IT WAS A FUNNY PHENOMENON. In all my years living in Tartu, I would notice that when summer came, in the weeks after Saint John’s Day, the city would empty out and the streets would be mostly silent and a light breeze would scatter dust down the vacant sidewalks. There was no one around anymore, even though the city’s parks were their most lush and inviting. The peculiar scenes of the academic year — students in corporation uniforms standing on rooftops drinking mugs of beer — disappeared, and Tartu, like most other cities in the south, became a ghost town.
There still were people in the south of Estonia, of course, but they had dispersed to the countryside, and were living at their country houses and farms, scattered and hidden between the mossy forests and rolling hills and lakes. It was harder to see all of the people this way, and one got the sense that there were no people left in the south at all. From Tartu down to Obinitsa and the Russian border, the only evidence of life were the distant lights and smoke from the bonfires.
When you would go out to meet friends in the summer, the geography of the south revealed itself to you in its unknown forms. On the map, everything is spread out for you to see. Everything is held together by roads, intersections, gas stations, signs. On the map, you have a great sense of the distances between places. From Tartu to Võru it’s 73 kilometers, and from Põlva to Võru it’s 27 kilometers. Once you get off the roads though, once you venture into the forests, the distances between minor topographic changes — a hill, a valley — become enormous. One ventures down the steps of, say, Süvahavva to the Võhandu River, discovering forest trails and blue flowers along the way. There are endless discoveries to be made. Every tree here has its own biography.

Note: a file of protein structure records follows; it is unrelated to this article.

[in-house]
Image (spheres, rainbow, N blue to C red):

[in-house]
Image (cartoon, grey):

You can walk for hours like this through the countryside and feel as if you haven’t reached any real destination. It’s one of those ‘the journey is the destination’ kinds of things. No matter where you go in the south, to the little Seto farmsteads in the hinterlands, with their midnight black smoke saunas, you will always find a little path behind the outhouse that leads to another farm, another sauna. There is always something new lurking just beyond those woods, over those hills.
Just when you think you have reached the edge of civilization itself, you spy a light on in a distant cabin window and hear the echo of an accordion. Once you reach the cabin, you realize you have stumbled into a wedding party. An old farmer with a scruffy beard offers you a shot of handsa and you drink it gladly, not really knowing how you got there or where you will go next. This is the true mystery of the south, revealing itself to you one intrigue at a time.
This column appeared in the spring/summer issue of Kõik Koos – Lõunakeskuse Ajakiri. Photos by my daughter, Maria Petrone.
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